U.S. Embassy in Libya Evacuates
Military escorts diplomats out
The U.S. State Department announced on July 26 that it had evacuated its embassy in Libya. American troops and aircraft escorted the diplomatic personnel out of the conflict-ridden North African country and into Tunisia.
The Marine Corps’ specialized crisis response task force helped provide security. Back in May, the Marines sent 200 troops and six planes to Italy for this very purpose.
This force included four MV-22 Osprey tilt-rotors and two KC-130 tanker aircraft. The KC-130s can also transport people and cargo.
But the Americans traveled by truck convoy in this particular instance. The Marines likely flew over and ahead of the vehicles to spot potential ambushes.
Air Force F-16 fighter jets and unspecified intelligence gathering aircraft were also on the scene, according to the Pentagon’s press release. American drones no doubt kept watch over the entire operation.
The flying branch currently has drone missions in neighboring Niger and Chad. However, the aircraft in Chad are reportedly focused on helping Nigeria search for hundreds of schoolgirls kidnapped by the terrorist group Boko Haram.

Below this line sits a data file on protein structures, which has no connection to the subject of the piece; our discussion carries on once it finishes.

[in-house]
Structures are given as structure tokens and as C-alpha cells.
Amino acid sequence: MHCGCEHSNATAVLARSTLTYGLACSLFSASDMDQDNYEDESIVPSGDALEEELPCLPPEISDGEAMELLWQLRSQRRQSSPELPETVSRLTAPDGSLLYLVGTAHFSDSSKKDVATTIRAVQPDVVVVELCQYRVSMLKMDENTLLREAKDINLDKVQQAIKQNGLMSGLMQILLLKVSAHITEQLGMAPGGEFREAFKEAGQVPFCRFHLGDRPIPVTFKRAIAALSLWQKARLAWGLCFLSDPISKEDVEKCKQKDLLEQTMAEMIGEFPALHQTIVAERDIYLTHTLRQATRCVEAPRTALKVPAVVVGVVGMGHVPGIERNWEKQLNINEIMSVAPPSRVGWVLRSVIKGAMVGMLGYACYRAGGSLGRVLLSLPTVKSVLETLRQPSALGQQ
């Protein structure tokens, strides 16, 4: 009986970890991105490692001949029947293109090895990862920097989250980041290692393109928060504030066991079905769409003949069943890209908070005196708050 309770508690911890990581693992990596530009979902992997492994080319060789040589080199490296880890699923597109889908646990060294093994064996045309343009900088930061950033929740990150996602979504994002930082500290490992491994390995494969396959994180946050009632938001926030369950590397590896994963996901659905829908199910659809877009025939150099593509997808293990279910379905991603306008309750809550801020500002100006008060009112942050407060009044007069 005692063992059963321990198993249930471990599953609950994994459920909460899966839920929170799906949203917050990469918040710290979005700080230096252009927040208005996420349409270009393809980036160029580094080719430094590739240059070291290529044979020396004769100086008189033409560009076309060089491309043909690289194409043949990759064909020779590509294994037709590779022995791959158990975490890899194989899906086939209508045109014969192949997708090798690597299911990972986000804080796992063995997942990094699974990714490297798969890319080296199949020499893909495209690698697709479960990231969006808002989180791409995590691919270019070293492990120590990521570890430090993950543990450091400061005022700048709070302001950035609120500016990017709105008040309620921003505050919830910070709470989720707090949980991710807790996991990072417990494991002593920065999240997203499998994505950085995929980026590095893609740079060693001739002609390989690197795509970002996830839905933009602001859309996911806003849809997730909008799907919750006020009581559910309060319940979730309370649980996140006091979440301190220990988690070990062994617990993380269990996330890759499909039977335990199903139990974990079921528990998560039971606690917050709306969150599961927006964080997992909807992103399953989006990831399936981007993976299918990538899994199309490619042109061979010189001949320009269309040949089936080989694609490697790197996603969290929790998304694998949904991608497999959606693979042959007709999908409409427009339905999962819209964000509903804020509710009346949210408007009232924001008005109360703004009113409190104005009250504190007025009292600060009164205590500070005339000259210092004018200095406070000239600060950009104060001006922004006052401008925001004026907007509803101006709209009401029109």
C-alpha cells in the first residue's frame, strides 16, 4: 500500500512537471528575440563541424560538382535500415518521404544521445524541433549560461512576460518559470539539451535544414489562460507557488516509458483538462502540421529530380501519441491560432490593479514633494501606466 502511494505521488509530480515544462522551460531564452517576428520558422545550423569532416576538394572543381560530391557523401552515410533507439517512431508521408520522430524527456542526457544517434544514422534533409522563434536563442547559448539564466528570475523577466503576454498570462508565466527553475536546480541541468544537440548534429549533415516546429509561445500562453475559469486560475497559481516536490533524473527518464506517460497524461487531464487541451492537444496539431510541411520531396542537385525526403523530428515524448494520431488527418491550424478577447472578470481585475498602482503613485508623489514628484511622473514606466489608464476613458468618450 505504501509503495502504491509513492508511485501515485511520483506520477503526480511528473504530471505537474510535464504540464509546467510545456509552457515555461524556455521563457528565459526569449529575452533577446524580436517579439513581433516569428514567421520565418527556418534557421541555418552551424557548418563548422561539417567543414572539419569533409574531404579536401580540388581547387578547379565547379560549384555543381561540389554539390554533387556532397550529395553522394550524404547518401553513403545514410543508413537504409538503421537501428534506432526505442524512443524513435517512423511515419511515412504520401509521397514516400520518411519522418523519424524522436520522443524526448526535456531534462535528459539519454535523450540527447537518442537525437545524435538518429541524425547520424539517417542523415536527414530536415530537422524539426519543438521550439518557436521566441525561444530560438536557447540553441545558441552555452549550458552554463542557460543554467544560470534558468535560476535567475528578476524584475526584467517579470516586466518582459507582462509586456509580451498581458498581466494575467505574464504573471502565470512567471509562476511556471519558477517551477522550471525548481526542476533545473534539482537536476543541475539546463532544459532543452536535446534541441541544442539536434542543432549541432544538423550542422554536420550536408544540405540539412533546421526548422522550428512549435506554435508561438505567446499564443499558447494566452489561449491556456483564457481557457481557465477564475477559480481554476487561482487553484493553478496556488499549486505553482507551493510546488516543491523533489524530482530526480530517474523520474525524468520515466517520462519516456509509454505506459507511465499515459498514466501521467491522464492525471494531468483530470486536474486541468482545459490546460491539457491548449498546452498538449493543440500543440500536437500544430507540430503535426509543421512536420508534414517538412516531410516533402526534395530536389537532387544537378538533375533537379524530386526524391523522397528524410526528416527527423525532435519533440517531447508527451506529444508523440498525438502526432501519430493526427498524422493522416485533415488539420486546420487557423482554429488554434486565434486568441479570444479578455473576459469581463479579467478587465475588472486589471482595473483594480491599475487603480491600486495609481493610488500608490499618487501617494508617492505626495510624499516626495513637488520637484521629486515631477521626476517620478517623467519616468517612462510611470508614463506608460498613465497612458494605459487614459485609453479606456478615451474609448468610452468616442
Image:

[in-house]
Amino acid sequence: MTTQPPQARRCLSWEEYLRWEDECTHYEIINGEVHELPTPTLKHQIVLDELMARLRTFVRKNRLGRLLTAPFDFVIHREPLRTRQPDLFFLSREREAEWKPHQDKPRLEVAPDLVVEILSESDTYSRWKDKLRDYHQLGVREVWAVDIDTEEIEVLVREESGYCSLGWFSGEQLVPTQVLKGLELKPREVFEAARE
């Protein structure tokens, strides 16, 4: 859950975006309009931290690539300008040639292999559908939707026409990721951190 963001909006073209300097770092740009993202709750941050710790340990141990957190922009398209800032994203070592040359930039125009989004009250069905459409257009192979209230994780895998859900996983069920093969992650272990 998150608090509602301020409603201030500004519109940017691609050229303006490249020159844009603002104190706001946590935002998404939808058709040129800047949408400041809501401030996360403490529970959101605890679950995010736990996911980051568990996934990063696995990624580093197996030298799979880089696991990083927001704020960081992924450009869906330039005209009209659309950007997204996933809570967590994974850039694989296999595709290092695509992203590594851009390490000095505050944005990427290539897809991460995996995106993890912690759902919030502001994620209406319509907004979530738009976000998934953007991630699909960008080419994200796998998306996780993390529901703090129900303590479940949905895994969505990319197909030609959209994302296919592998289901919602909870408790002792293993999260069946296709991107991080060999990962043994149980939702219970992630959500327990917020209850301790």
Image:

Washington is “committed to supporting the Libyan people during this challenging time,” State Department spokesperson Marie Harf said in a prepared statement.
However, the State Department had already “temporarily” shrunk the size of the embassy in Tripoli after the infamous attack on the American consulate in Benghazi in September 2012.
Instability has wracked Libya since a loose rebel coalition ousted former dictator Muammar Gaddafi in 2011. These militias continued to challenge the authority of the country’s new central government.
State’s decision to evacuate the embassy follows increasingly violent conflict between these factions, as well as Islamist terrorist groups. Recently, rival fighters turned Tripoli’s airport into a battleground and destroyed almost a dozen private aircraft in the skirmish.
The battle effectively shut down all civilian operations at the airport. The situation could have been a factor in the decision to send the Americans to Tunisia by land instead of flying them out.
More moderate groups, as well as Libya’s neighbors, also are concerned about the resurgence of Al Qaeda in the Islamic Maghreb. At the moment, forces associated with rogue general Khalifa Haftar are effectively laying siege to Bengahzi to try and root out fighters from the AQIM-linked group Ansar Al Sharia.
Washington clearly hopes its diplomats will only be absent in Libya for a short time. But there is no clear indication that the fighting will slow any time soon.